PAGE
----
This is a guest post by Scott Haas, Program Coordinator/Supervisor, Harper College Motorcycle Safety Program.
Spring Motorcycle Tips
Spring is upon us. This means motorcycle riding season is upon us. With the several month layoff from riding, it’s always a good idea to brush up on a few essentials before hitting the streets.
1. Motorcycle Preparation
With only two of them on the ground, making sure your tires are in good condition and properly inflated is incredibly important. In your car, you may not notice a difference in handling when one or two tires are underinflated. On a motorcycle though, even a five-pound difference can affect handling. Low tire pressure is also one of the leading causes of tire failures. When tire pressure is low, the sidewall flexes more as the tire rolls down the road, which causes it to heat up and can lead to a failure. Low tire pressure can also reduce tire life and increase fuel consumption. It’s also a good time to check tread depth and look for other signs of damage or age.
Fluids should also be part of your T-CLOCS inspection (https://msf-usa.org/downloads/T-CLOCS_Inspection_Checklist.pdf) before you ride, but as part of your pre-season preparation, you may want to consider flushing brake and/or clutch fluid (if you have a hydraulically activated clutch) and coolant. If you have a regular lead/acid battery, check the water level and add distilled water as necessary to top off any cells that are low.
Speaking of the electrical items, check your lights; headlight, turn signals, tail/brake lights, and instrument lights. Also give the horn a little toot to make sure it’s working.
2. Personal Preparation
Make sure you’re ready for the riding season. Mental and physical preparation are keys to a successful ride. I’m not going to tell you to join a fitness club, but you should be in reasonably good physical condition, especially if you plan on long-distance rides.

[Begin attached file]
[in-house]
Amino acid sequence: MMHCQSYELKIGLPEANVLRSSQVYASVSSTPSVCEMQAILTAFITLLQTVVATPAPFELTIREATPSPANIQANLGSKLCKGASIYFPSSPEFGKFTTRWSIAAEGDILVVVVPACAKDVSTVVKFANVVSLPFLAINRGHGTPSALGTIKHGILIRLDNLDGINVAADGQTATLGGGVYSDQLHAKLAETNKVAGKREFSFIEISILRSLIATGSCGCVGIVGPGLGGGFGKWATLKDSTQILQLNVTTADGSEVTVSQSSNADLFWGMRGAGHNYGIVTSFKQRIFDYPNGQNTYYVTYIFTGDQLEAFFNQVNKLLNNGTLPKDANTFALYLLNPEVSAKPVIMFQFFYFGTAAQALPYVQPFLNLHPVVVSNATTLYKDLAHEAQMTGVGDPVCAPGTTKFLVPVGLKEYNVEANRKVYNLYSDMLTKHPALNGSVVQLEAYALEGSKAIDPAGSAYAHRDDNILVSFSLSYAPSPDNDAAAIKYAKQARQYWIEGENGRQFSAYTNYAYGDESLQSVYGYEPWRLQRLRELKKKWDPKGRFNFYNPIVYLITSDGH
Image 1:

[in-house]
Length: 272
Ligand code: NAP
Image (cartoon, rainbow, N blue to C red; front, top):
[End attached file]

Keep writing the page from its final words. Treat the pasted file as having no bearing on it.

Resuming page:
Refreshing your riding skills should be an important part of your pre-season preparations. Whether you take a class (www.harpercollege.edu/motorcycle) or simply do a little parking lot practice, make sure to knock the rust off those skills before getting out into heavy traffic.
- Practice your stopping skills (remember BOTH brakes will give you shorter stopping distances than just using one or the other).
- Practice your swerving skills (remember, do one or the other or one after the other, but NEVER do both at the same time).
- Practice your low speed maneuvers; tight turns from a stop and u-turns in particular. Turning from a stop is an important skill to practice to avoid running wide and into oncoming lanes of traffic.
3. Riding Gear Preparation
You should also make sure your riding gear is ready for the job it’s supposed to do. Check the manufacture date of your helmet and consider replacing it with a newer one. Many experts agree on a 5-year life cycle for a motorcycle helmet, but that can be affected by the amount of use it gets. Depending on the age of your helmet, you may find a new one has more features, better cooling, better padding, and may even be lighter while offering better protection. You can even find some newer faceshields that have transitions lens features in which they will automatically darken when exposed to sunlight. How cool is that? A good riding jacket, riding pants, motorcycle-specific gloves, and appropriate footwear round out proper riding gear.
Nothing beats taking a class to dust out the cobwebs from a winter layoff from riding. The Harper College Motorcycle Safety Program offers several courses, from beginner to experienced, to help brush up your skills. Check our website for registration information.
Scott Haas, Coordinator/Supervisor of the Harper College Motorcycle Safety Program, has been involved in motorcycle rider education for almost 30 years. Away from work he enjoys photography and playing with his two Australian Shepherds.